songs and stories of old. Recently, a book with
local history and a collection of folk songs was
published in Kargil.
While some outsiders might prefer to sec
the Baltis just "roll over and die", as one observer put it. these recent initiatives as well
as the active interest in re-forging links between Leh and Kargil illustrate that the Baltis/
Purigpa are not quite ready just vet to let their
culture disappear.
M. van Beck leaches Ethnography and Social
Anthropology at Aarhus L'nivrrsilv. Denmark.
and is member oj the permanent committee
of the International Association jor Ladakh
1998   MAY   HIMAL   11/5
 View across Gilgit Valley.
Not accepted within the fold of Pakistan, activists formulate a
nationalist political ideology relying on the 'mountain-ness' ofthe
Northern Areas.
by Martin Sokefeld
Come to Balawaristan! Experience the
mystic serenity of Ladakh's Buddhist
gompas, trek around the world's most
splendid peaks, follow the course of the river
Indus or enjoy the blossom of apricot trees in
Hunza!" If the dreams of some political activists come true, these enticing words may" appear in glossy tourist brochures in future. As
things stand, however, the chances are bleak.
A search in the atlas for Balawaristan will
be in vain. This 'country' is only indicated on
a map in a long-forgotten booklet published
a decade ago in Gilgit, in the Northern Areas
of Pakistan. The name 'Balawaristan also most
probably appeared for the first time in print
in this booklet. Nevertheless, the idea behind
Balawaristan has its own power - a power
strong enough to provoke a government. Talking about Balawaristan using the wrong words
to the wrong person in Gilgit can easily land
one behind bars.
That obscure map of Balawaristan repre-
HIMAL   11/5  MAY   1998
sents parts of the great but disputed mountain regions which are, from the respective
points of view, called "Pakistan-occupied
Kashmir" or "Indian-held Kashmir". It
stretches from Chitral in the west to Ladakh
in the East and includes the entire Northern
Areas of Pakistan.
State policy
The name Balawaristan might be of recent
antiquity, but the idea itself has a longer history. For the inhabitants of the Northern Areas, the idea of a unified region has its origins
in the lack of fundamental democratic rights.
This was as true under the despotic rule of
Maharaja Hari Singh of Jammu and Kashmir,
against whose unilateral decision to accede
to India they rose in revolt on 1 November
1947 (seepage 16), as is of governance by Pakistan after that. For although the Northern
Areas is administered by Islamabad, it is not
considered a part of Pakistan: its people cannot vote in the elections to Pakistan's National
Assembly they have no provincial legislative
assembly, and they are denied access to the
High Courts and the Supreme Court of
On the other side of the Line of Actual
Control, the area of the erstwhile Dogra state
of Jammu and Kashmir controlled by India
has been integrated, with a number of provisions for autonomy into the Indian Union.
But Pakistan continues to deny the same integration to the Northern Areas, arguing that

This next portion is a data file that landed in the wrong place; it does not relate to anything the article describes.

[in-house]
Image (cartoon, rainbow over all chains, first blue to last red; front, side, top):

the status of the disputed area can not be altered until a final solution is reached.
The United Nations Commission for India and Pakistan (UNC1P) has handed administration of the Northern Areas to Pakistan until the Kashmir issue is resolved. And
Pakistan's Kashmir case depends on the UNCIP
resolution calling for a plebiscite in the
Maharaja's former domains. Should Pakistan
abandon its temporary caretaker status and
grant full constitutional rights to the Northern Areas, it would be tantamount to abandoning the 'disputed status' of the area and
recognising the ceasefire line as a permanent
border with India.
The irony is that Islamabad has made separate arrangements for Azad Jammu and Kashmir (AJK). Although it is tiny in comparison
to the Northern Areas' size, AJK enjoys a
semi-autonomous arrangement within the
Constitution of Pakistan. It has its own prime
minister, its own supreme court, and enjoys
extensive media coverage in Pakistan.
In the decades that followed the 1949
ceasefire, this region of "Gilgit-Baltistan" continued to be administered by Pakistani politi
cal agents in quite the same undemocratic
terms that had been practised before by the
British agents in Gilgit. The inhabitants of the
area were more critical ofthe continuation of
colonial taxation and begar (forced labour)
than of the lack of democratic rights. But as
more and more young men from there went
to Pakistan for higher education and returned
with degrees, a heightened consciousness of
their 'special' status. During the 1970s, under
the regime of Zulfikar Ali Bhutto, some ofthe
discriminating conditions of the Northern
Areas were abolished, but the reform process
ended when Zia-ul Haq staged his coup
in 1977.
People of the heights
In the last years of Zia's dictatorship, students
from the Northern Areas at universities and
colleges in the various cities of Pakistan
formed a number of regional student's
organisations such as the Karakorum Students
Organisation (KSO) and the Baltistan Students